At the 1:06:00 mark, “Al” makes an important point about going outside one’s normal or chosen field of expertise to seek information and knowledge. 

This particular show’s focus switches frorm Jade Helm to the JFK assassination at about the 1:12:00 mark.  I didn’t watch the rest, or the other.  


The idea of being legally right and having the ability to sue after the fact in the middle of an illegal home invasion by armed military/police representatives of a power structure that has no real basis in legality and has been assumed by a series of coups d’etat, assassinations and subterfuge and maintained by intimidation, blackmail and corruption seems to be an exercise that is not worth my time (or yours). Talk about cognitive dissonance… 

If you can no longer participate within the system (and there are arguments for both sides), then what?

If you try to participate within the system but are ostracized because you have already done sufficient homework to know — for example — that steel frame buildings don’t melt, or if you are intimidated, put into a situation where you lose your income or have to engage an expensive lawyer to fight a trumped-up charge, then the system is not going to be responsive.  

[You can’t call people on their BS and their lies or else you get your ass handed to you.  I know this because I once documented to the Vice President for Procurement for Raytheon that the reason he didn’t get the newsletter was not because I failed to send it out properly but because his own mailroom threw it in the trash on arrival. [That’s where it belonged, given the degree to which the Board didn’t want to be terribly aggressive in addressing issues.] I was relieved of duty due to “administrative deficiencies” from the best-paying job of my life.]

What are your choices when the system locks you out of responsibility? (Jack Kennedy has a famous quote about this, but look where his passion and virtue got him.) Confrontational violence, or quiet preparation for same? But then you are already known, in jeopardy, or subject to harassment and seizure, imprisonment or death.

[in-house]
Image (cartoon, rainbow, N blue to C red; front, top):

If death is the seemingly inevitable ending, then you need to read    


His other books on “unspeakable” things are among the best educational investments you can make. And they all point to the same “perps”, the very same ones at work behind Jade Helm. 


As I also noted in that last occurrencesforeigndomestic post, one possibility still left open is the path of dialogue and community. Then the question becomes this: How can a community and its members functionally communicate in a manner that is not subject to the surveillance, interference or harassment by an illegitimate system of authority?  

The Russians did it with samizdat in the repressive Communist era. The Iranians did it with cassette tapes during the reign of the Shah and SAVAK. People do it today via the Internet, although that is still subject to surveillance, interference and harassment. Some, even the authorities, have investigated paranormal means of communication; the transmission by thought alone is practiced, and it is also the subject of research to see how it can be circumvented, crominalized or weaponized. The Sons of Liberty met in back rooms over a pint of ale, penned correspondence, sent riders, and published political cartoons. 

It is late, on the real clock and metaphorically. Tomorrow arrives soon enough.